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2 March 2020 Advanced silicon avalanche photodiodes on NASA's Global Ecosystem Dynamics Investigation (GEDI) mission
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Silicon Avalanche Photodiodes (APDs) are used in NASA’s Global Ecosystem Dynamics Investigation (GEDI) that was launched in December 2018 and is currently measuring the Earth’s vegetation vertical structure from the International Space Station. The APDs were specially made for space lidar with a much lower hole-to-electron ionization coefficient ratio (k-factor ~0.008) than that of commercially available silicon APDs in order to reduce the APD excess noise. A silicon heater resistor was used under the APD chip to heat the device to 70°C to improve its quantum efficiency at the 1064-nm laser wavelength while maintaining a low dark current such that the overall signal to noise ratio is optimized. Special APD protection circuits were included to raise the overload damage threshold to prevent device damage from strong laser returns from specular surfaces, such as still water bodies, and space radiation events. The APD and a hybrid transimpedance amplifier circuit were hermetically sealed in a TO-8 type metal package with a sufficiently low leak rate to ensure a multi-year operation lifetime in space. The detector assemblies underwent a series of pre-launch tests per NASA Goddard Environmental Verification Standard for space qualification. The APDs have performed exactly as expected in space. A detailed description of the GEDI detector design, signal and test results are presented in this paper.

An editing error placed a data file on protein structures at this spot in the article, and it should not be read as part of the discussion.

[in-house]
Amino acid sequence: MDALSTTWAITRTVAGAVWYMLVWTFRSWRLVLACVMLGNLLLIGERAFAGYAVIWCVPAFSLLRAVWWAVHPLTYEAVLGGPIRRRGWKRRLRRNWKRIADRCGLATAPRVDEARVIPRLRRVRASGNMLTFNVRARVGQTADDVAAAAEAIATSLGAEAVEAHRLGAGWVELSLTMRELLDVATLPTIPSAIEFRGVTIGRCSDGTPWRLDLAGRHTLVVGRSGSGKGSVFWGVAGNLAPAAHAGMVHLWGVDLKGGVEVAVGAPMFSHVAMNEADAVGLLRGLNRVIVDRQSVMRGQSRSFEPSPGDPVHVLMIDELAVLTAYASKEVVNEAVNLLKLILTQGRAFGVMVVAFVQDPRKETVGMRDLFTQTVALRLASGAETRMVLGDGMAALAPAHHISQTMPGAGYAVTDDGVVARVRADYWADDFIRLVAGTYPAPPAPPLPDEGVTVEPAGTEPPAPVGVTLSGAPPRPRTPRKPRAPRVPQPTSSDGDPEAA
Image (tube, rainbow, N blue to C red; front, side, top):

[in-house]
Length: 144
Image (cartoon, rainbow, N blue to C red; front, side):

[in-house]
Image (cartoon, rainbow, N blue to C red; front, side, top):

Conference Presentation
© (2020) COPYRIGHT Society of Photo-Optical Instrumentation Engineers (SPIE). Downloading of the abstract is permitted for personal use only.
Xiaoli Sun, J. Bryan Blair, Jack L. Bufton, Marcela Faina, Sigrid Dahl, Philippe Bérard, and Richard J. Seymour "Advanced silicon avalanche photodiodes on NASA's Global Ecosystem Dynamics Investigation (GEDI) mission", Proc. SPIE 11287, Photonic Instrumentation Engineering VII, 1128713 (2 March 2020);

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